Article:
I intend to work on julia as a GSOC project this year. These are the ideas that I have in mind:
- Bringing FunctionalCollections to a usable state. I’m familiar with the clojure’s implementations of persistent collections and it looks like FunctionalCollections are inspired by them. These are some of the improvements that could be made to them:
a) Introduce transient versions of these libraries
mapoperation, we could create a clone of the input collection with similar trie structure and undefined values, and then iterate over it while filling in the mapped values.
c) Experiment with different values of shift width based on the size of element type, to account for cache line size. See if that affects performance in any way.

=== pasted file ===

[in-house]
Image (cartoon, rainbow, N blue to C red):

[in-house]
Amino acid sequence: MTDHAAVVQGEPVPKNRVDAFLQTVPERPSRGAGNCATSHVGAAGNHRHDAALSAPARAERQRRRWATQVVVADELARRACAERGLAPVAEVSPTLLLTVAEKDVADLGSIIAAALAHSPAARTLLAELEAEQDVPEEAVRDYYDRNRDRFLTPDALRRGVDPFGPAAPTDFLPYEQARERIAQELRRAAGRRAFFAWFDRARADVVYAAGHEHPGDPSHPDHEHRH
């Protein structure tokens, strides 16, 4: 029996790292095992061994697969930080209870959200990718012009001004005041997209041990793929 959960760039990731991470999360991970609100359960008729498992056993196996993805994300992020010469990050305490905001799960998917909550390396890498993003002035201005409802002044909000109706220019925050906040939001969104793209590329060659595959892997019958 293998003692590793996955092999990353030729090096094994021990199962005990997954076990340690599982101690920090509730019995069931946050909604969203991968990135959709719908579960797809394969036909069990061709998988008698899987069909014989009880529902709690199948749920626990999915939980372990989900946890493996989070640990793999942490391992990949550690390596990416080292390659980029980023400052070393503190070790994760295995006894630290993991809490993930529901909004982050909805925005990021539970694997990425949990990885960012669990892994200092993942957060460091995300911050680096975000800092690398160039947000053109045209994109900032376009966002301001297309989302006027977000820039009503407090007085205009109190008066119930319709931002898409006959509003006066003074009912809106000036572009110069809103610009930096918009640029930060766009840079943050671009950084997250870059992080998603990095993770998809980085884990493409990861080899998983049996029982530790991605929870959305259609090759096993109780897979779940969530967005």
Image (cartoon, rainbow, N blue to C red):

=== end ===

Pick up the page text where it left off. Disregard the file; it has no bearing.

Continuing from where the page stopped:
d) Go through the implementation of some of the tools mentioned here, see if there’s anything useful which could be ported over to julia.
The ideas page mentions that functional collections could be used “to accelerate computational problems in the compiler”. Isn’t it the case that functional collections trade speed for guarantees like simpler multi-threading? How can they be used in julia to speed up computational problems?
- Create a package management tool similar to
cargofor julia environment, preferably in julia itself. The community bonding period will be spent understanding how package management works in julia, and reading the source of
Pkg.jl. The end result will be something similar to
cargo, which would allow users to easily setup a template project with minimal work, with support for tests, benchmarks and preferably custom targets.
Pkgrepl already provides most of the stuff mentioned here, but it’s hidden in the julia repl. Having a binary specifically for project management will be very nice to have.